Thursday, June 04, 2009

Rivers of blah

A long while back, probably around the time I was writing strongly worded letters to The Independent about their reviewers’ abysmal taste in sturdy footwear, I worked for the PUSH University Guides. One of my bright ideas was to write to hundreds of famous people (this was before celebrities were invented) to ask if they had any anecdotes, advice or sardonic one-liners about their time in higher education.

For some reason, one of the people I contacted was Enoch Powell. Why I thought that yer average A-level student might be interested in the reminiscences of a right-wing politician whose greatest (in)fame had arisen a quarter-century before, I’m not sure. But in due course, a communication was forthcoming from his Eaton Square eyrie, manual typewriter, notepaper not A4, pale blue to match his scary eyes. He let it be known that looking back at his time at Cambridge in the early 1930s, he regretted not having availed himself more of the social life; and he wished me to pass this on to our readers.

I immediately fashioned an image of the young Powell, an awkward, provincial, lower-middle-class youth, thrust into the lush, louche decadence of Cambridge; on a Saturday night, in his room, ploughing through Thucyides and Pliny while beautiful, confident, gilded aristocrats drink and flirt and smoke and cavort in the quads and fountains, their joys filtering through his window. And he wanted to join them, even for half an hour, but he knew he never could. For all the harm he’d done to race relations and social cohesion, from then on, I felt rather sorry for him. Even as I read the text of his notorious Rivers of Blood speech, he seemed less like a wannabe dictator, more like the butler in Ishiguro’s The Remains of the Day, fatally unable to make that crucial human connection; hugely intelligent, but entirely lacking in understanding.

And on vaguely related matters, however cheesed off you are with the gimps and chancers who pretend to run this country, please don’t vote for the BNP today. The reason they can’t make a human connection is that they’re subhuman.

10 comments:

patroclus said...

And for that matter, let's not be voting for a party that says that 'no self-respecting small businessman with a brain in the right place would ever employ a lady of child-bearing age.', either.

emordino said...

> The reason they can’t make a human connection is that they’re subhuman.

I would humbly submit that this kind of back-in-your-box sentiment is only going to make the BNP more popular.

Tim Footman said...

Patroclus: Indeed. Only employ them *before* puberty, when they're still small enough to get up the chimneys and under the looms.

Difficult one, emordino. Perhaps I should have made a distinction between people who *vote* for the BNP, who may do so out of an entirely justified frustration at the corruption of the current political set-up (although anyone who votes BNP and yet claims not to be a racist displays a lack of critical curiosity that suggests we've all forgotten about the connection between rights - to vote - and responsibilities - to find out what you're voting for); and members/candidates of said party, who presumably know exactly what's on offer - see this analysis of the BNP's education policy, for example. To the first lot, I might grudgingly extend the benefit of the doubt; the second lot deserve all that gets thrown at them, frankly.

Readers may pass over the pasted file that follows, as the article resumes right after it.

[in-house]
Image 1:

Annie said...

It's okay Patroclus, Glenys Kinnock is keeping an eye on him - I wouldn't mess with Glenys.

Enoch Powell was a very puzzling human being.

garfer said...

Powell may been flawed, but he had a damn sight more moral fibre than the ex Polytechnic Lecturer/Toon Cooncilor numpties we have to tolerate these days.

Billy said...

Yup, Mr Powell was an odd one. Wasn't he one of about five Conversatives who voted for decriminalising homosexuality and reforming the divorce laws?

Also, what racialists today quote Latin poetry?

ian said...

"hugely intelligent, but entirely lacking in understanding" ... That is the best seven word summation of Enoch Powell I have ever read.

Tim Footman said...

Annie: Maybe Glenys should come back and kick Gordon's arse?

True, Garfer, and a certain intellectual consistency. Which makes for a great philosopher and a bloody awful politician.

And the death penalty, Billy. Modern racists can't even quote coherent sentences, let alone make them rhyme. That's what we need - a better class of bigot!

Thank you, Ian.

Incidentally, if anyone still thinks I was a bit harsh on the BNP, I refer you to the example of Steve Batkin, who spoke precisely twice in his first two years as a Stoke councillor (and one of those was to ask what abstain meant); and this picture.

Boz said...

I think you're probably preaching to the choir about the BNP.

Although it's never been the same since the merger with Paribas, in my opinion.

Hedgie said...

Looking for the fave button - ergh Twitter and flickr have utterly addled my brain.

No to BNP

Beautifully written tribute to Enoch Powell, and I really enjoy photo og him in Eaton Square too.